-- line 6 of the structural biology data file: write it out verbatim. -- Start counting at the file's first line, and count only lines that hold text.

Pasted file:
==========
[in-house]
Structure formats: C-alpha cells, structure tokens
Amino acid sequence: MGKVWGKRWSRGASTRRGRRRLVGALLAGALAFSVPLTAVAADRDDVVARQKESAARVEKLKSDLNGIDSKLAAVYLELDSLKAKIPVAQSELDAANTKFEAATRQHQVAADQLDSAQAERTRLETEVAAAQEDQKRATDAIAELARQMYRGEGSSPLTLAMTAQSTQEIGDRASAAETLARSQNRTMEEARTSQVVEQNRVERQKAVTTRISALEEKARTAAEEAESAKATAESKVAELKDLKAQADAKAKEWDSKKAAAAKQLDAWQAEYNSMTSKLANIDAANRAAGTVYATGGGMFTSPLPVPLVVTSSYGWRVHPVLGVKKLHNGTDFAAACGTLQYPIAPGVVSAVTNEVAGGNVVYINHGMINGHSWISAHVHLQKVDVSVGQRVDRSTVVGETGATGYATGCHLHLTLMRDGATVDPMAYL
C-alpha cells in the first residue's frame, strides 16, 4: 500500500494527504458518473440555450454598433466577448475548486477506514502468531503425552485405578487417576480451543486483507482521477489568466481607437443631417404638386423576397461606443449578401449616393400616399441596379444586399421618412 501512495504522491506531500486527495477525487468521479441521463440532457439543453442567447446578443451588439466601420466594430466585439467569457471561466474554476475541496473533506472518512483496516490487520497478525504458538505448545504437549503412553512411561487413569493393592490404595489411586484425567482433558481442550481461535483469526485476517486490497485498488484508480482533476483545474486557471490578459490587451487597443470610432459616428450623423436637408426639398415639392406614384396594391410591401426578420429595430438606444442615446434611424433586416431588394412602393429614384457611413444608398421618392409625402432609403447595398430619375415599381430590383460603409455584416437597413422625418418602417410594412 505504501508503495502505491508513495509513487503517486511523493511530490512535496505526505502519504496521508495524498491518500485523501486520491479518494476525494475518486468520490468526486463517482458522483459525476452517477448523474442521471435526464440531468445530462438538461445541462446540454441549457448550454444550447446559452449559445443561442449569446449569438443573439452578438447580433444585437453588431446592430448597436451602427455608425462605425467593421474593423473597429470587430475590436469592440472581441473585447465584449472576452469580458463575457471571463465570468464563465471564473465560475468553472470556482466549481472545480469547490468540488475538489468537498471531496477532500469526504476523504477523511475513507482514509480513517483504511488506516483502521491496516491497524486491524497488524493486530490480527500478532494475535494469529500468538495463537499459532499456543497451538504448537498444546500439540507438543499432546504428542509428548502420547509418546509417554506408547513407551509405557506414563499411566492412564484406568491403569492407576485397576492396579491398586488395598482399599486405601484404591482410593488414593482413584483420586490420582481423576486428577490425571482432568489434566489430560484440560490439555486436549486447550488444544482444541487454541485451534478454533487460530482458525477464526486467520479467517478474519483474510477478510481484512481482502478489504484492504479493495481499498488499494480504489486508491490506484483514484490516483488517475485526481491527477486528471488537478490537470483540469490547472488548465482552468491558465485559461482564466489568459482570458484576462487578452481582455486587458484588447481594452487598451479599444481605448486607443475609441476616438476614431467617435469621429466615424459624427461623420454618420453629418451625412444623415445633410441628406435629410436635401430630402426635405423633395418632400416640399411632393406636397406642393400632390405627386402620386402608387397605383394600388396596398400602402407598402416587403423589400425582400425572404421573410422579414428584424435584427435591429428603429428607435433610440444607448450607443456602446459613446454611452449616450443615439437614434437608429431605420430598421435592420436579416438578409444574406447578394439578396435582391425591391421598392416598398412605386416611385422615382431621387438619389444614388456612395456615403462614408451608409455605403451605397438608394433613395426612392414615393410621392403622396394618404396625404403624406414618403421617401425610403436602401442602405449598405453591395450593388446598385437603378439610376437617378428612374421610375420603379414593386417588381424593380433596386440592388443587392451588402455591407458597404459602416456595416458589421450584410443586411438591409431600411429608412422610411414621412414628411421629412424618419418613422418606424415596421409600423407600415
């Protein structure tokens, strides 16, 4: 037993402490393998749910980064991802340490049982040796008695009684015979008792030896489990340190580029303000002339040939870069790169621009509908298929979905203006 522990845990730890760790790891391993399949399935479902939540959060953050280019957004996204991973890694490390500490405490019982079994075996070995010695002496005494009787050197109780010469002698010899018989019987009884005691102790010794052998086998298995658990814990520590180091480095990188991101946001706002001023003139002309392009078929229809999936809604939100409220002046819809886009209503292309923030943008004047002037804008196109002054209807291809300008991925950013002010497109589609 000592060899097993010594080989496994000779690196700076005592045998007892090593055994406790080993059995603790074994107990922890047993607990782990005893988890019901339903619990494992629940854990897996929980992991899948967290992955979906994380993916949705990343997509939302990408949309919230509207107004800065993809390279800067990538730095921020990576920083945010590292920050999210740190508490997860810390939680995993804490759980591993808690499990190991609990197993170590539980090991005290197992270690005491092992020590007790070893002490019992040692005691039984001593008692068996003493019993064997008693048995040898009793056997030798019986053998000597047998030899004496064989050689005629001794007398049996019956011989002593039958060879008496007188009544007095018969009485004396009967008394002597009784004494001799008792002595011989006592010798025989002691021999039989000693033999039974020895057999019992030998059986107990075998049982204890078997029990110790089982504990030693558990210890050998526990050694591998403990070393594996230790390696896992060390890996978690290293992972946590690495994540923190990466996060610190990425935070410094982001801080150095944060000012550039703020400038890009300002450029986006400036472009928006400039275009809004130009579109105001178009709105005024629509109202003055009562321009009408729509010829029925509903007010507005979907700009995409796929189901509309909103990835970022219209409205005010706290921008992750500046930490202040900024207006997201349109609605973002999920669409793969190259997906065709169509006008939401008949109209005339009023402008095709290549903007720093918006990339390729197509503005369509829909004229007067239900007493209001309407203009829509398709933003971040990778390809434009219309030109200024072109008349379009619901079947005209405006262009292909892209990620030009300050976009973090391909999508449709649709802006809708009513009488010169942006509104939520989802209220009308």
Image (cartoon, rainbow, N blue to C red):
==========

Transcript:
Image (cartoon, rainbow, N blue to C red):